Editorial – School Board errs on unused leave

Published 7:40 pm Thursday, August 11, 2022

One of the worst justifications for a flawed decision is that “we’ve always done it that way.”

That seems to be the Isle of Wight County School Board’s best rationale for making an exception to its own policy for compensating departing employees and paying recently retired Superintendent Dr. Jim Thornton a more generous calculation of unused sick and vacation leave – $91,307.75, to be exact – than other school employees receive.

During an era when classroom teachers might be more disrespected than at any time in the noble profession’s history, the cushy “transition” package for Thornton is another slap in the face. Teachers and other staff members with lengthier service to Isle of Wight County Schools receive a fraction of the payout when their service ends.

Subscribe to our free email newsletter

Get the latest news sent to your inbox

By policy, retiring 12-month employees are to receive a “lump sum” payment equal to a maximum of 30 days of leave. Any unused leave over the 30-day limit is to be converted to sick leave and paid at a fixed rate of $30 per day, not to exceed 250 days, making the maximum sick leave payout $7,500. Had the policy been followed in Thornton’s case, he would have received just over $22,500. Instead, he got roughly four times that amount.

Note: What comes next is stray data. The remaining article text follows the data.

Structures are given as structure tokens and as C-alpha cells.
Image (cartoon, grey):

To be clear, our criticism is not directed at Thornton. As we’ve written before in this space, we view his tenure at the helm of ICWS to be, on balance, a success. Needed prioritization of career and technical education, as well as long-overdue school construction, will leave behind an admirable legacy long after recent political hot potatoes like Thornton’s “equity and inclusion” push are a mere historical footnote.

It should be noted that Thornton’s predecessor, Dr. Dr. Katrise Perera, also got a generous payout when she departed in 2015, despite the objection of two school board members at the time. It was wrong then and is wrong now.

If the board is insistent on continuing this bad practice, it must, at minimum, amend the policy that governs such payouts. To routinely violate it for departing superintendents is a bad look, and surely a morale killer for the rank-and-file employees of the school division.

Our preference is that the board simply abide by its policy and treat all employees – including the top dog – equally.